Illinoisan's fight with NRCS spanned nine years

Kurt Wilke spent nine years and hundreds of thousands of dollars to fight the government’s insistence there was a wetland on his family’s farm.

His father-in-law, Carl Hoffee, purchased 80 acres in Macon County in 2010 and relied on a USDA form that stated: “Tract does not contain a wetland.” It’s been continuously farmed with a drain tile system for more than 100 years.

Soon after buying the land, Hoffee began tiling improvements. NRCS showed up and told “him to stop the work, that he was putting farm programs at risk,” Wilke said. NRCS asserted the farm contained 22.4 acres of wetlands based on undated, one-time aerial photographs and issued a technical determination, Wilke said.

Hoffee’s trust appealed to the National Appeals Division (NAD), which ruled in the trust’s favor because NRCS didn’t make a site visit.

NRCS then reissued the same determination. The trust appealed again. NAD ruled in favor of the trust again in 2014 – this time because the agency’s analysis employed improper weather data.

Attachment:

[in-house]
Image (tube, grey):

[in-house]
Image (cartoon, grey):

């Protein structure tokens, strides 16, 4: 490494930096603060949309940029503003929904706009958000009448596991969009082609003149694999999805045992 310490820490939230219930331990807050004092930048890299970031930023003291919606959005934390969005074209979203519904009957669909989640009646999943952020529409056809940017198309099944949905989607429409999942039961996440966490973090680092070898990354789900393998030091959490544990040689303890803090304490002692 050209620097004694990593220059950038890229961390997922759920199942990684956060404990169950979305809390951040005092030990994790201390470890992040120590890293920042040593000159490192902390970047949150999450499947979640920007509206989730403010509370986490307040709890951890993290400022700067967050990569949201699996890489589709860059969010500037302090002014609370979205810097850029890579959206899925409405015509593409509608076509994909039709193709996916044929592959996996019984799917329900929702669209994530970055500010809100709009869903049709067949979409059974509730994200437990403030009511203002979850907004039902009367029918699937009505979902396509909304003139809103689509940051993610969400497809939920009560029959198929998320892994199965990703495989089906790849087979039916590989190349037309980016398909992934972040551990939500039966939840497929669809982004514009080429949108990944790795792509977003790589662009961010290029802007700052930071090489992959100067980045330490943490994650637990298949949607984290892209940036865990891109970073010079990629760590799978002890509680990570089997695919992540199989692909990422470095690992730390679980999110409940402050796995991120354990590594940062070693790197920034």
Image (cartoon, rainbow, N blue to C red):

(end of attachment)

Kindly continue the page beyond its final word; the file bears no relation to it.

NRCS issued the same determination for a third time. Hoffee died pending the outcome of this case, and Wilke continued the appeal. NRCS withdrew its determination a few days before a hearing in 2015, and then issued a new determination asserting the farm contained 14.2 acres of wetlands based on a scope and effect analysis. 

The trust again appealed in 2016, and NAD found in favor of the trust again. The director affirmed the case, Wilke said, finding the agency’s analysis violated its own regulations and was “based purely on conjecture.”

Wilke, a Springfield lawyer who is also the succcessor trustee, told his story in Washington, D.C. last year with Illinois Farm Bureau staff. The group met with USDA Undersecretary Bill Northey; U.S. Sen. Tammy Duckworth, D-Hoffman Estates; and staff from the Senate and House Ag Committees.

“I could see heads spinning as Kurt told his story,” said Adam Nielsen, IFB director of national legislation and policy development.  “Everyone we met with quickly recognized that if he weren’t a lawyer and a farmer, NRCS and the appeals process would have buried him and wrongfully denied his family’s right to farm land that should never have been in question.”

Lauren Lurkins, IFB’s director of environmental policy, said Wilke isn’t alone.

“His case is representative of the many, many calls that I get from farmers across the state on this issue,” Lurkins said. “This is why we support American Farm Bureau Federation’s call to end NRCS’ regulatory abuse.”

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